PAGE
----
Thursday, April 28, 2011


When you do not believe in anything, how empty is your life? A story stunningly portraying the decay of Western civilization, L'avventura (literally The Adventure) goes where films as a rule don't go: a sincere attempt to comprehend reality. The film stops where Sandro stops: wanting sympathy, in despair, and himself not knowing where is the response. And, outside the pales of forgiving or forgetting, having crossed the sense of culpability in loving a forbidden, does Claudia know anymore?

Like leaves without wills blown at wind's whim, men and women flow about: what they leave behind is facades, ruins and church bells. What they desired is an answer to who they are: but they forgot to seek it in the other; they forgot to ask who the other is. Obsessed with the quest for themselves, every human comes crafted for them: Anna and Sandro have merely utilised each other in this lonely and selfish quest, and none has ever really thought about the other. None has known how horizons can be expanded; tragically, Anna's mysterious vanishing will only bring to the fore the inability to cope with themselves as they are. Sandro does find himself, would know what he is: a man unable to love. He will not need to look in Claudia's eyes for that judgment; he will need to look at the sky, or he will need to look at the buildings he never built. He is but the man who watches, envies, takes malicious pleasure in destroying the beauty he seeks, and tries to leave furtively; he is but the pitiable human who are born for greatness but are lost for ever in trying to deconstruct beauty. And the woman, Claudia?

Among the few women's films, l'Avventura is one. Monica Vitti (playing Claudia) neither is pretty nor knows very well to act, but the way Antonioni has used her is remarkable: she is not exactly wooden either, and her beauty is the kind that you will believe in one day and not the next day. Which is why, the constant focus on her face gives the film a double edge: a sympathy that she is ruining her life by falling into that love, but that she could not do anything otherwise. She is the one who still believes, who has that courage; and she has the horrible destiny of being undeceived: of how the others don't, and of how they can merely fit you in the scheme of things. Her belief, whether in Anna's being alive or whether in love and happiness, is never very well founded, yet never seems crazy, and seems a better thing to have than coldness which would be called realist by some.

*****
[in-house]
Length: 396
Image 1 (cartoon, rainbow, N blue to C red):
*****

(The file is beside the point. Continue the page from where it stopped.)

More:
It is a wonder to me how could a film be made so well demonstrating the decay at the heart of the West, and yet not take a preachy or a flippant tone. In a way, Fellini does the same thing with 81/2 but he adds in a lot more absurdity, which makes the effort that much less touching. Rohmer does the same thing in all his films, but Rohmer is more like Zola: he is empty of ideas. He only points the microscope at the bacteria, but has no ideas about the bacteria's place in universe. In addition, using stilted dialogues and contrived situations, Rohmer can often be preachy and indulging in vanity. But, here, we have a storyteller who knows the phenomenon and knows the evolution, who knows the germ and who knows the fruit: and one who is in love with stories and humanity, and thus with himself.